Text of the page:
Research Article

Omeprazole and cimetidine in the treatment of ulcers of the body of the stomach: a double blind comparative trial. Danish Omeprazole Study Group.

BMJ 1989; 298 doi: (Published 11 March 1989) Cite this as: BMJ 1989;298:645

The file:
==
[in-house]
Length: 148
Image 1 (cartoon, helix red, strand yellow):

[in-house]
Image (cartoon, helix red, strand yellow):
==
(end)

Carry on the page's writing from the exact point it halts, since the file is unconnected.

OBJECTIVE--To see whether omeprazole was superior to cimetidine in healing ulcers of the body of the stomach. DESIGN--Double blind randomised parallel group study of omeprazole versus cimetidine for six weeks with assessment of healing at end of every second week. SETTING--Outpatient referrals in 11 centres in Denmark. PATIENTS--One hundred sixty one patients who satisfied the following criteria: age 18-79; one or more ulcers of body of stomach (that is, at or above the angulus) seen endoscopically within four days before study treatment; no H2 receptor antagonists taken within previous two weeks; no history of gastric surgery and no complications needing surgery; no concurrent treatment or disease that might confound assessment; oral contraception or an intrauterine device being used by women of childbearing age. INTERVENTIONS--Omeprazole 30 mg daily (one capsule in the morning) or cimetidine 1 g daily (one 200 mg tablet thrice daily, two tablets at bedtime) for six weeks. Inactive capsules and tablets provided so that all patients took same number of capsules and tablets daily. Compliance monitored by pill counts. END POINT--Endoscopic evidence of accelerated healing of type I gastric ulcers after four weeks of omeprazole. MEASUREMENTS AND MAIN RESULTS--Pain recorded on diary cards and patients assessed after two, four, and six weeks of treatment for clinical state and by endoscopy and biopsy and repeat laboratory tests. Twenty eight patients withdrawn during trial for violations of protocol. At two weeks healing rates were identical in the two treatment groups (omeprazole 41% (30/73 patients); cimetidine 41% (30/73]. At four weeks cumulative healing rates were 77% (53/69 patients) in the omeprazole treatment group and 58% (41/71) in the cimetidine treatment group (95% confidence interval of difference between groups 4% to 34%). By six weeks the cumulative healing rates in the two treatment groups differed by only 6% (60/68 patients (88%) given omeprazole; 53/65 (82%) given cimetidine). Log rank analysis with ulcer size used as covariable showed a significant difference in healing times in favour of omeprazole. There was no difference in the occurrence of pain relief between the two treatment groups. No serious clinical or biochemical side effects of treatment were noted. CONCLUSIONS--Omeprazole 30 mg daily accelerates healing of ulcers in the body of the stomach as compared with cimetidine 1 g daily. This effect is more pronounced in ulcers greater than 12 mm diameter.